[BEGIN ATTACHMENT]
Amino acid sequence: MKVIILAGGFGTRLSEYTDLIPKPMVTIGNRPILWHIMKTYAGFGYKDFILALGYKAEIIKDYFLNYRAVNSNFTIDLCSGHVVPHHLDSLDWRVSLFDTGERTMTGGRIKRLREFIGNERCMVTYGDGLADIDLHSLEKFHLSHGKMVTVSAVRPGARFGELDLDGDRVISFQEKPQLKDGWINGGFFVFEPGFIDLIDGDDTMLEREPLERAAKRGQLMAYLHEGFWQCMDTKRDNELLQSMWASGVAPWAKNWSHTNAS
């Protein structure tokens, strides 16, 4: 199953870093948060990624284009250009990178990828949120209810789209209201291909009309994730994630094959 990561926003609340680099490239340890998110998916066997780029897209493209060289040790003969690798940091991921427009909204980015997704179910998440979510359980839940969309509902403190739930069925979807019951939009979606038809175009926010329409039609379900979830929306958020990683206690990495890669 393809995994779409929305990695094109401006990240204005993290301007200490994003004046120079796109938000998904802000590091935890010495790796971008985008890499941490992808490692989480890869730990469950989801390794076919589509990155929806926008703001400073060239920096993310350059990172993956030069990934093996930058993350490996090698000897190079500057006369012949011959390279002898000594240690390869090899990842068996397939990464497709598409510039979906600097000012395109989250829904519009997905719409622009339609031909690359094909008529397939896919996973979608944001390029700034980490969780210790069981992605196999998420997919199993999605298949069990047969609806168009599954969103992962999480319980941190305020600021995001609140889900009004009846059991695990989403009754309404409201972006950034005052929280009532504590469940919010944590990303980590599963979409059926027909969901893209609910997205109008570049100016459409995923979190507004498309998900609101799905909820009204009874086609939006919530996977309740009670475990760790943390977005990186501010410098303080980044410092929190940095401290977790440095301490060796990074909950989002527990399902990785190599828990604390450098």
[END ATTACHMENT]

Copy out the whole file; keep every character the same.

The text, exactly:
Amino acid sequence: MKVIILAGGFGTRLSEYTDLIPKPMVTIGNRPILWHIMKTYAGFGYKDFILALGYKAEIIKDYFLNYRAVNSNFTIDLCSGHVVPHHLDSLDWRVSLFDTGERTMTGGRIKRLREFIGNERCMVTYGDGLADIDLHSLEKFHLSHGKMVTVSAVRPGARFGELDLDGDRVISFQEKPQLKDGWINGGFFVFEPGFIDLIDGDDTMLEREPLERAAKRGQLMAYLHEGFWQCMDTKRDNELLQSMWASGVAPWAKNWSHTNAS
């Protein structure tokens, strides 16, 4: 199953870093948060990624284009250009990178990828949120209810789209209201291909009309994730994630094959 990561926003609340680099490239340890998110998916066997780029897209493209060289040790003969690798940091991921427009909204980015997704179910998440979510359980839940969309509902403190739930069925979807019951939009979606038809175009926010329409039609379900979830929306958020990683206690990495890669 393809995994779409929305990695094109401006990240204005993290301007200490994003004046120079796109938000998904802000590091935890010495790796971008985008890499941490992808490692989480890869730990469950989801390794076919589509990155929806926008703001400073060239920096993310350059990172993956030069990934093996930058993350490996090698000897190079500057006369012949011959390279002898000594240690390869090899990842068996397939990464497709598409510039979906600097000012395109989250829904519009997905719409622009339609031909690359094909008529397939896919996973979608944001390029700034980490969780210790069981992605196999998420997919199993999605298949069990047969609806168009599954969103992962999480319980941190305020600021995001609140889900009004009846059991695990989403009754309404409201972006950034005052929280009532504590469940919010944590990303980590599963979409059926027909969901893209609910997205109008570049100016459409995923979190507004498309998900609101799905909820009204009874086609939006919530996977309740009670475990760790943390977005990186501010410098303080980044410092929190940095401290977790440095301490060796990074909950989002527990399902990785190599828990604390450098």